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<p>Tom Cruise and&nbsp;Jason Robards in one of the many crescnedos from PT&nbsp;Anderson's gorgeous 'Magnolia,' which makes its BluRay debut this week.</p>

Tom Cruise and Jason Robards in one of the many crescnedos from PT Anderson's gorgeous 'Magnolia,' which makes its BluRay debut this week.

Credit: Warner Home Video

DVD & Games Forecast: PT Anderson goes Blu with 'Boogie Nights' and 'Magnolia'

Plus Gervais's 'Lying' and season five of 'Weeds'

Welcome to the DVD & Games Forecast.

This is a seriously slim week of new releases.  There are a few highlights, but for the most part, it'll be a quick column.


"Weeds: The Complete Season Five" (BluRay/DVD)

There are a lot of television shows I find engaging and worth watching from start to finish, but for some reason, I've fallen out of the habit of actually watching them while they air.  I prefer to pick things up as DVD or BluRay box sets and watch them in big gulps, and the option to do so has reset my viewing habits almost completely.  I think "Lost" is the last series I feel the urge to really watch the moment it airs, and once that goes off, I'm not sure I'll ever get the habit back.  "Weeds" is a show that has evolved radically over the course of its five years on the air, and the one thing that consistently keeps me coming back is Mary Louise Parker, who puts the mmmmmmmm in MILF.  I never thought she was particularly ravishing when she was younger in films like "Grand Canyon," but these days, there is a world-weariness that she wears like armor that is practically intoxicating.  Maybe it's my own age showing, but I find it compelling the way Nancy Botwin, her character on the show, is desperately trying to stay afloat, and the lengths she'll go to for her kids and her survival.  The show's tone swings wildly between absurd comedy and bleak drama, and there are times it pulls it off beautifully and times it doesn't quite manage, but the show always has reach, and I like that they're willing to shift location, shift major characters, and shift focus as each season progresses.  So often, TV is about maintaining a status quo, creating the illusion of real characters while making sure to keep them carefully locked in place.  "Weeds" has literally burned the entire series to the ground, and I get the feeling they'd do it again if they felt like they had to, and so I look forward to whatever season five has to offer when I finally catch up with it this week.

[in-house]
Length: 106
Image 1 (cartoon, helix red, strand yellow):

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<p>D.C. Pierson and Charlie Huston both tackle the idea of the effect of sleeplessness, but in very different ways, in their new novels that are about hit bookstores.</p>

D.C. Pierson and Charlie Huston both tackle the idea of the effect of sleeplessness, but in very different ways, in their new novels that are about hit bookstores.

Credit: Ben Axelrad/Ray Coco Smith

The M/C Bookshelf: D.C Pierson and Charlie Huston both have insomnia

Reviews of two new novels that deal with the impact of sleeplessness

As long as I can remember, sleep's been an issue for me, and as I get older, the problem only gets worse.

In the next month, two very strong novels will be arriving in stores, both using the idea of sleeplessness as a major thematic idea or plot point.  Aside from that, though, the books are radically different, and they diverse ways they each approach the personal and or societal fallout from sleeplessness are fascinating to me.

D.C. Pierson is a member of DERRICK Comedy, and one of the stars of the painfully funny "Mystery Team," which I reviewed last year at Sundance.  I've linked many times from the Morning Read to D.C.'s blog about moving to Los Angeles, and I've gotten to know him a little bit over the course of the year, but even so, I was surprised by how evocative and unique his first novel is.  The Boy Who Couldn't Sleep And Never Had To tells the story of Darren, a shy teen who spends most of his time drawing and making notes about an epic SF story he created.  One day, he meets Eric, a similarly awkward and lonely teen, and at first their friendship hinges on their mutual creative impulses as Eric becomes involved in Darren's idea.  Gradually, though, they find themselves bound by a secret when Eric reveals to Darren that he never sleeps.  Ever.  Not at all.  No naps.  No dozing off.  No nothing.  It's hard for Darren to believe at first, but once he believes, he becomes fixated on figuring out why Eric never sleeps, treating it almost like a superpower.

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<p>Arrom Sashinebber stars in 'Last Action Hero,' a self-referential cartoon of a movie about '80s action films.&nbsp; So how does it play to someone who's never seen an '80s action film?</p>